Cabinet has condemned all acts of violence motivated by prejudice.

Government continues to address the safety issues of lesbian, gay, bisexual, transgender and intersex people, Minister in the Presidency for Planning, Monitoring and Evaluation Jeff Radebe assured on Friday.

He was briefing the media after the last Cabinet meeting for the year.

The affirmation from Cabinet comes days after the murder of 22-year-old lesbian Noluvo Swelindawo from Driftsands near Khayelitsha. The heinous crime was committed during the 16 Days of Activism for No Violence against Women and Children 2016 campaign.

The campaign is being held under the theme, ‘Count Me In: Together Moving a Non-Violent South Africa Forward’.

Measures put in place to address such crimes include the introduction of the Prevention and Combating of Hate Crimes and Hate Speech Bill. The bill seeks to create the offences of hate crimes and hate speech, and to put in place measures to prevent and combat these offences.

The aim is to address the increasing number of racial incidents and to further address other types of criminal conduct motivated by bias, prejudice or intolerance in the form of hate crimes and hate speech, which have occurred recently.

This is aligned to the National Development Plan, which highlights the need for sustained campaigns against racism, sexism, homophobia and xenophobia. It also seeks to ensure that all people are and feel safe.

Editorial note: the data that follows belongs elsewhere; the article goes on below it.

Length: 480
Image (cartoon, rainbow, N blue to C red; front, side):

The bill, which is in the consultative phase, will strengthen enforcement and prosecution, Radebe said.

Meanwhile, Cabinet also applauded South African scientists for launching the new clinical trials for the HIV vaccine, known as HVTN 702.

The trial is one of the biggest in the world and bears testimony to the competency of the scientific and medical fraternity, said Radebe.

He said government continues in its partnership with all stakeholders including PHILA and the South African National Aids Council � to achieve an Aids-free generation, stop all new HIV infections, end the TB epidemic and encourage all citizens to make healthy, responsible choices.

South Africa has achieved its targets for antiretroviral (ARV) treatment and it now has the largest ARV programme in the world, with 3.4 million people on treatment in 2015.

The prevention of mother-to-child transmission target was reached, with a marked decline from more than 3.5% in 2010 to 1.8% in 2014.

Sexual transmission of HIV among youth aged 15 – 24 years declined from 410 000 individuals in 2011 to 330 000 in 2014.

New TB infections and TB deaths declined, but the target to achieve a 50% reduction in TB deaths was not reached.

Over 800 million male condoms and over 20 million female condoms were distributed in the last financial year, while the HIV testing campaign saw 35 million HIV tests done over the five-year period.

South Africa has over 300 GeneXpert machines (TB testing machine) deployed countrywide and over 2.1 million GeneXpert tests have been conducted.

In 2016, South Africa implemented the universal test and treat programme, where every HIV positive person is put on treatment, regardless of their CD4 cell count.